Monday, January 4, 2010


After college, I decided that popcorn did not have to be made in a microwave covered in yellow, salted trans-fats. However, it took me a while to figure out how to make popcorn just as tasty as the gooey disgusting kind that comes from a paper bag.

I tried regular stove top popping. This requires some skill, patience, and the right vessel (I use a nice large saucier). It turns out nicely, but you need a high smoke-point fat like peanut oil and plenty of practice using a lid as a shield against over-excited kernels. Plus, there is a good amount of clean up involved.

You might ask why I didn't try one of these stovetop popcorn contraptions. I live in a studio apartment...there's no room for that unitasker.

DIY microwave popping was next. Throw some kernels in a paper bag, staple it shut and hope for the best. This never seemed to give me a high enough kernel yield. Plus, it seemed like cheating.

Air popping was the next logical solution. I dropped some dough on a used air popper and it turns out to be almost exactly what I wanted.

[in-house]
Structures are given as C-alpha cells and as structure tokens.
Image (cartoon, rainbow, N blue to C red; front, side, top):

I use a mixture of yellow and blue popcorns - both organic and locally produced by the Pennsylvania Dutch. It adds some variety of texture and flavor.

Remember to use a big bowl to catch the popcorn - you'll need it to distribute the toppings later.

After some topping experimentation, I've found that equal parts butter and olive oil, microwaved for 40 seconds and mixed with a pinch of sea salt works well.

Shake it up. Then add another sprinkle of salt and/or black pepper. Shake it again (but not too vigorously this time).

1 comment:

  1. The Whirlypop is the bomb. It makes the best popcorn of all the devices I've seen. I was a non-believer when I got one as a gift but after the first batch, I was a convert. It is very fast because the contraption mixes the corn constantly and thoroughly at fairly high heat. Of course, after owning it, I've used it twice. Hey, the Super Bowl is just around the corner!